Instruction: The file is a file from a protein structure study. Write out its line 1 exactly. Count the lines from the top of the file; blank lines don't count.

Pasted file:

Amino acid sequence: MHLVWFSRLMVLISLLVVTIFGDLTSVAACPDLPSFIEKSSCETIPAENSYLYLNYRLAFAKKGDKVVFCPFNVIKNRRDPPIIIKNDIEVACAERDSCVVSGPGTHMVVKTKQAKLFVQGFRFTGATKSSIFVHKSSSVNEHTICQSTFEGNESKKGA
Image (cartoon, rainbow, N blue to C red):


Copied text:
Amino acid sequence: MHLVWFSRLMVLISLLVVTIFGDLTSVAACPDLPSFIEKSSCETIPAENSYLYLNYRLAFAKKGDKVVFCPFNVIKNRRDPPIIIKNDIEVACAERDSCVVSGPGTHMVVKTKQAKLFVQGFRFTGATKSSIFVHKSSSVNEHTICQSTFEGNESKKGA